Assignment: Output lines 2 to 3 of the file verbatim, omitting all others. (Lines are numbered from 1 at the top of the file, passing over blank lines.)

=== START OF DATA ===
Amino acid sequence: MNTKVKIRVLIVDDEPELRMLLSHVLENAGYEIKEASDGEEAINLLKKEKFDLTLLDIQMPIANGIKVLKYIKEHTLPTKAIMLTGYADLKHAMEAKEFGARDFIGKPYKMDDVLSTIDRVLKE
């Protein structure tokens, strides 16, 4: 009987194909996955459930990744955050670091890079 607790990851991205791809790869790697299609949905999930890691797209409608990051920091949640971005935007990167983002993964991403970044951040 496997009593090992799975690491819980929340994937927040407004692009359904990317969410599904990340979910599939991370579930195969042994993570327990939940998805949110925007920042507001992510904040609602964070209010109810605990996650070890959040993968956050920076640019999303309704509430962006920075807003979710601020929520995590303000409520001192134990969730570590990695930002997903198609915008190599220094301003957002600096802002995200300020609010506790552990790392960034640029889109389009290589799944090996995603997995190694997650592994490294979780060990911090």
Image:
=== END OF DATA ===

């Protein structure tokens, strides 16, 4: 009987194909996955459930990744955050670091890079 607790990851991205791809790869790697299609949905999930890691797209409608990051920091949640971005935007990167983002993964991403970044951040 496997009593090992799975690491819980929340994937927040407004692009359904990317969410599904990340979910599939991370579930195969042994993570327990939940998805949110925007920042507001992510904040609602964070209010109810605990996650070890959040993968956050920076640019999303309704509430962006920075807003979710601020929520995590303000409520001192134990969730570590990695930002997903198609915008190599220094301003957002600096802002995200300020609010506790552990790392960034640029889109389009290589799944090996995603997995190694997650592994490294979780060990911090």
Image: